“I think certainly the strengthening of our local economy can be attributed to some of that positive growth, although small. With some of the new manufacturers who have come into the community coupled with our long-time manufacturers, such as Pfizer, Sony DADC and Bemis, some of the growth they have had, all helps to give people a reason to live here and that is employment opportunities,” Witt said.
“Our population peaked around 1970 and has been on a downward spiral since until most recently with this data, so perhaps we are on the way back up a little bit, certainly it has leveled off,” Witt said.
“By having a base population that is stable or growing a bit, it is positive for so many reasons. It is more people paying local property taxes, which means less for each individual. In terms of federal funding for initiatives, a growing population helps in that regard. The more children we have enrolled in our school corporation, that bodes well for their funding. It is a positive development,” Witt said.
In 2005, manufacturing was the largest of 20 major sectors in the county, accounting for nearly 16 percent of all jobs in the county, according to STATS Indiana, from the Indiana Business Research Center at IU’s Kelley School of Business.
Manufacturing had an average wage per job of $45,375. And Vigo County’s per capita income grew by 14.3 percent between 1995 and 2005 (adjusted for inflation), according to STATS Indiana.
In figures released earlier this week, the Census Bureau reports the nation’s minority population now tops 100 million. The minority population is 100.7 million residents, according to national and state estimates by race, origin, gender and age, the Census Bureau reports. A year ago, the minority population totaled 98.3 million.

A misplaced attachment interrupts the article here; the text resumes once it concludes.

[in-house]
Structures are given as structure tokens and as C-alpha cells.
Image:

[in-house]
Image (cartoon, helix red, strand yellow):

“About one in three U.S. residents is a minority,” said Census Bureau Director Louis Kincannon. “To put this into perspective, there are more minorities in this country today than there were people in the United States in 1910. In fact, the minority population in the U.S. is larger than the total population of all but 11 countries.”
The population in 1910 was 92.2 million. On Oct. 17, 2006, the Census Bureau reported that the nation’s overall population had topped 300 million.
California, according to 2006 figures, had a minority population of 20.7 million — 21 percent of the nation’s total. Texas had a minority population of 12.2 million — 12 percent of the U.S. total population.